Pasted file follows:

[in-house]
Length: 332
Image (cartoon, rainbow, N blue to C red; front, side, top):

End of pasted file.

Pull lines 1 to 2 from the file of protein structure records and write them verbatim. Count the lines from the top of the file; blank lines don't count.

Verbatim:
[in-house]
Length: 332